Team, Visitors, External Collaborators
Overall Objectives
Research Program
Application Domains
Highlights of the Year
New Software and Platforms
New Results
Bilateral Contracts and Grants with Industry
Partnerships and Cooperations
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Section: Application Domains


Finding sources of renewable energy is a key challenge for our society. We contribute to this topic through two main domains for which a strong and acknowledged expertise has been acquired over the years. First, we consider anaerobic digesters, the field of expertise of the members of the team at the Laboratory of Enviromental Biotechnology (LBE), for the production of methane and/or biohydrogen from organic wastes. The main difficulty is to make these processes more reliable and exploit more efficiently the produced biogas by regulating both its quality and quantity despite high variability in the influent wastes. One of the specific applications that needs to be tackled is the production of biogas in a plant when the incoming organic waste results from the mixing of a finite number of substrates. The development of control laws that optimize the input mix of the substrates as a function of the actual state of the system is a key challenge for the viability of this industry.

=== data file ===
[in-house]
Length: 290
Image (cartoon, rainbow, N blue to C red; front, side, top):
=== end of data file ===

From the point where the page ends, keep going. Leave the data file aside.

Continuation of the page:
The second topic consists in growing microalgae, the field of expertise of the members of the team at the Oceanographic Laboratory of Villefranche-sur-Mer (LOV), to produce biofuel. These microorganisms can synthesize lipids with a much higher productivity than terrestrial oleaginous species. The difficulty is to better understand the involved processes, which are mainly transient, to stimulate and optimize them on the basis of modeling and control strategies. Predicting and optimizing the productivity reached by these promising systems in conditions where light received by each cell is strongly related to hydrodynamics, is a crucial challenge.

Finally, for the energy balance of the process, it is important to couple microalgae and anaerobic digestion to optimize the solar energy that can be recovered from microalgae, as was explored within the ANR Symbiose project (2009-2012) [3].